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Stanley Cup Playoffs Buzz: Blues look to eliminate Jets

Predators, Capitals host Game 5s

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Welcome to the Stanley Cup Playoffs Buzz, a daily in-depth look at the 2019 NHL postseason.

 

On Tap

There are two Game 5s and a Game 6 on the Stanley Cup Playoffs schedule for Saturday:

Dallas Stars at Nashville Predators (3 p.m. ET; NBC, SN, TVAS): The Predators' top line of Filip Forsberg, Ryan Johansen and Viktor Arvidsson, which combined for 162 points (76 goals, 86 assists) during the regular season, has one goal and one assist against the Stars in the first four games. With the best-of-7 series tied 2-2, that line needs to get going if Nashville is going to advance.

Winnipeg Jets at St. Louis Blues (7 p.m. ET; NBCSN, CBC, SN, TVAS, FS-MW): The road team has won each of the first five games of the best-of-7 series. If the Blues can halt that trend, they will advance to the second round. The Jets, who saw a two-goal lead in the third period vanish in a Game 5 loss, need to rebound or they will be going home for the offseason. 

Carolina Hurricanes at Washington Capitals (8 p.m. ET; NBC, SN360, SN1, TVAS): The only first-round series where the home team has won every game returns to Washington, where they defending Cup champions will look to take a 3-2 lead without injured forward T.J. Oshie. The Hurricanes, who lost six straight to the Capitals in the regular season and first two games of the series, have won two in a row. 

 

About last night

Here is what happened on Day 10 of the Stanley Cup Playoffs

Toronto Maple Leafs 2, Boston Bruins 1: The Maple Leafs scored twice in the third period and held on for the victory that gave them a 3-2 lead in the best-of-7 series. Auston Matthews scored at 11:33 for a 1-0 Toronto lead and Kasperi Kapanen extended the lead to 2-0 at 13:45. The Maple Leafs will go for the series win at home Sunday. 

Colorado Avalanche 5, Calgary Flames 1: The Avalanche advanced beyond the first round for the first time since 2008. Mikko Rantanen and Colin Wilson each had two goals and one assist, and Nathan MacKinnon and Tyson Barrie each had three assists for the Avalanche, who will play the winner of the series between the San Jose Sharks and Vegas Golden Knights. Philipp Grubauer made 28 saves. 

Video: #ThirstForTheCup: Colorado moves on to Second Round

 

What we learned

Here are some takeaways from Day 10 of the Stanley Cup Playoffs:

 

Bruins power play does not deliver 

Though the Bruins scored at least one power-play goal in each of the first four games of the Eastern Conference First Round against the Maple Leafs, they didn't get it done with the man-advantage in Game 5. Boston, which was 5-for-11 on the power play in the first four games, went 0-for-3 on Friday and that may have cost the Bruins the game. The Bruins will need to change that in Game 6 and find a way to defeat a team that has mostly kept them under control at 5-on-5, or they'll be out of the Stanley Cup Playoffs.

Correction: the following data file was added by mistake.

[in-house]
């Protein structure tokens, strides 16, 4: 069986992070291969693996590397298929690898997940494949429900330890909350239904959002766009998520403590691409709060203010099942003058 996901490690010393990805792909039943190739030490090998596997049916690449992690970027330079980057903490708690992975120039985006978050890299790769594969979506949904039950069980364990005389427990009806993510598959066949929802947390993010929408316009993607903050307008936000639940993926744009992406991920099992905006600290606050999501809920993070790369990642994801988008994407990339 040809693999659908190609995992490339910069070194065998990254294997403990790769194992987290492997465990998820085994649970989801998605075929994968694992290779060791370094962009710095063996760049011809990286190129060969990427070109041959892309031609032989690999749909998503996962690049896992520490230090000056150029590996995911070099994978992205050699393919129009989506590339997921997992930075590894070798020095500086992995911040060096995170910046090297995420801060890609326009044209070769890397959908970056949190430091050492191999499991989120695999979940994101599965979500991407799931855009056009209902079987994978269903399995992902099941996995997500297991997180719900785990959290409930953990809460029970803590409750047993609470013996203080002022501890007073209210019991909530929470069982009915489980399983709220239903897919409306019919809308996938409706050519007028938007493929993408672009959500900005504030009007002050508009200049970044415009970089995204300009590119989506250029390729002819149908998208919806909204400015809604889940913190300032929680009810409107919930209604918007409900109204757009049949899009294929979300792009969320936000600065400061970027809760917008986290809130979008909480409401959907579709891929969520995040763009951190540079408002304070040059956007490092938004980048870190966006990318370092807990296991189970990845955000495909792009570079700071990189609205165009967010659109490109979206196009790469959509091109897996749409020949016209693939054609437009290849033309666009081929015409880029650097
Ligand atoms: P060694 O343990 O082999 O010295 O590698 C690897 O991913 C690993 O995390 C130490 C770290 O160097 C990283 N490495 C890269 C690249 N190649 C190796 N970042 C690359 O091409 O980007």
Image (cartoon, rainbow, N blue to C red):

Maple Leafs can play stifling defense, too

From forward William Nylander diving to knock pucks out of his own zone to center John Tavares battling for pucks in the defensive end, the Maple Leafs might have played their most complete defensive game of the season. They clogged the neutral zone and filled the seams the Bruins like to use as passing lanes, a blueprint that scuttled Boston from having any offensive flow. Defensemen Jake Muzzin and Travis Dermott were particularly effective. Muzzin's ability to clear rebounds from the danger areas made goalie Frederik Andersen's life much easier; Dermott seemed to have a sixth sense when it came to blocking centering feeds from Bruins forwards. Forward Zach Hyman said it might have been Toronto's best defensive effort of the season. The Maple Leafs will need that kind of performance again if they hope to win Game 6.

Video: Andersen's 28 saves help Toronto take 3-2 series lead

 

Avalanche speed kills

The speed of the Avalanche was more than the Flames could handle in the first round, and good luck to their second-round opponent who will need to find a way to contain Nathan MacKinnon, Mikko Rantanen and Gabriel Landeskog. Colorado's potent first line excelled on the playoff stage, combining for 21 points (nine goals, 12 assists), two fewer goals that Calgary produced as a team. Landeskog believes the Avalanche see themselves as underdogs, saying "our goal is to gain some respect along the way." They certainly did that with their convincing series win over the Flames.

 

Flames' power failure, Neal's status are puzzles

How could the Flames not have had high expectations of themselves heading into the playoffs? They'll have a long offseason to analyze what went wrong, but clearly the inability of their top forwards to score was a major factor. James Neal, Calgary's high-profile free-agent signing last offseason, was scratched for Game 5. Neal, with 104 playoff games under his belt, had no points, seven shots and was minus-3 through four games. He was replaced with the faster Austin Czarnik, who was playing his first postseason game. Czarnik saw 5:27 of ice time in 11 shifts, the Flames shortening the bench to no avail. More importantly, Johnny Gaudreau, Sean Monahan and Elias Lindholm again were held off the scoresheet in Game 5 and combined for five points (two goals, three assists) in the series.

 

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